Tagging is a big deal when using public cloud—let’s talk about a few key aspects on this broad topic. Whether an organisation is utilising a single public cloud provider or leveraging the benefits of a multi-cloud strategy, there is a wide variety of resources, services, and costs to manage, analyse, and report on. An important part of this is having a consistent and effective tagging strategy. Tags are metadata values (names and labels given to stuff) that provide identifying information about resources and their purpose. Successfully realising value from tagging has some challenges, starting with simply defining and structuring tags.
Defining Tagging Structure
Defining the tags to be used and how they are structured should be kept simple: look to how your business is already structured and consider the type of questions you are trying to answer, like “How much do we spend on cloud resources to deliver a service?”
Two key answers that should always be answered by tags: WHAT is this resource for and WHO is responsible for it? Here are some typical examples for what tags can identify:
Usage or Function tags
- Identifies what is being delivered by the resource, and any related considerations, associated to common aspects like:
- Common examples: Service, Application, Project, SLA and/or OLA, Environment-type (e.g. development, test, production)
- Identifies the part of a business that the resource is associated to, attributed to typical structures.
- Common examples: Cost Centre, Business Unit or Department, Team, Company (subsidiary/child), Project, Program.
- Identifies security related considerations, often dependent on what the resources are being used for (e.g. application, service, etc.).
- Common examples: Confidentiality level, Compliance status or requirement,
Practical Use of Tags
With a solid tagging strategy in place, your business benefits from valuable visibility and operational capabilities.
Reporting: this broad function includes cost visibility as well as operational status. Well-structured tags provide the ability to generate meaningful and valuable reports, answering key questions like:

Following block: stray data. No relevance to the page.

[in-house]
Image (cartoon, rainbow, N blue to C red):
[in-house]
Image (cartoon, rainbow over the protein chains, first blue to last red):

- Financial: “How much does it cost us to deliver a service?” and “How much budget has a cost centre consumed year-to-date?”
- Operational: “How is an application performing on its currently deployed resources?” and “What alerts are being generated for a service?”
- Optimisation: “Are we using the lowest-cost options in our development environments?”
Tagging is relatively consistent between providers and there are some differences to be aware of when using multi-cloud.
1. Letter case sensitivity (e.g. ‘ForExample’ vs ‘forexample’) should be consistent and strictly followed. Otherwise, be mindful of the following.
2. Apply no more than 50 tags per resource. This is an AWS and Azure limitation, where GCP allows for 64.
3. Use keys and values with no more than 63 characters. This is a limitation on GCP, while AWS (Key/Value:128/256) and Azure (Key/Value:512/256) allow higher limits.
4. Enforce tags as a policy. These are best applied at the point of deployment/provisioning, whether manual or automatic. Landing Zones, offered by all the public cloud providers, are intuitive and ensure these tagging policies are created and enforced.
5. Apply more tags at the start. You don’t need to limit yourself to just a couple of tags—if you don’t effectively some tags in the future, no harm done.
A successful tagging strategy depends on automation, crucially at the point of provisioning to ensure tags are applied. To support this, good cloud management tooling is important. When considering management tools, look for key functionality such as the ability to apply new tags to existing resources and the ability to filter everything based on tag keys and values.
Kumoco Cloud Manager ensures that you have a successful tagging strategy and offers these key functionalities. Get in touch today for a demo.